18 9,776 1,503
REVIEW ARTICLE
Interpretation of arterial blood gas
Pramod Sood, Gunchan Paul, Sandeep Puri
April-June 2010, 14(2):57-64
DOI:10.4103/0972-5229.68215  PMID:20859488
Disorders of acid-base balance can lead to severe complications in many disease states, and occasionally the abnormality may be so severe as to become a life-threatening risk factor. The process of analysis and monitoring of arterial blood gas (ABG) is an essential part of diagnosing and managing the oxygenation status and acid-base balance of the high-risk patients, as well as in the care of critically ill patients in the Intensive Care Unit. Since both areas manifest sudden and life-threatening changes in all the systems concerned, a thorough understanding of acid-base balance is mandatory for any physician, and the anesthesiologist is no exception. However, the understanding of ABGs and their interpretation can sometimes be very confusing and also an arduous task. Many methods do exist in literature to guide the interpretation of the ABGs. The discussion in this article does not include all those methods, such as analysis of base excess or Stewart's strong ion difference, but a logical and systematic approach is presented to enable us to make a much easier interpretation through them. The proper application of the concepts of acid-base balance will help the healthcare provider not only to follow the progress of a patient, but also to evaluate the effectiveness of care being provided.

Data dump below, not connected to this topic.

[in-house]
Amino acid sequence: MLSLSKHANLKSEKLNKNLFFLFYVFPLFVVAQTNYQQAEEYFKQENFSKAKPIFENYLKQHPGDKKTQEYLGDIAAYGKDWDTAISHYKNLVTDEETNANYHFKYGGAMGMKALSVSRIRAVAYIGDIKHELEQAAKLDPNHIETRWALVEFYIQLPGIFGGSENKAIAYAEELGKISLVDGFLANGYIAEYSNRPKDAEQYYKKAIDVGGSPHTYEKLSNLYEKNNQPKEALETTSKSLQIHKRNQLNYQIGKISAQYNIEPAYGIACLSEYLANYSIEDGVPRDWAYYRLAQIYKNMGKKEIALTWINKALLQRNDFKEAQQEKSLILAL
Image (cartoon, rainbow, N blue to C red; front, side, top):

5 22,180 3,886
CASE REPORTS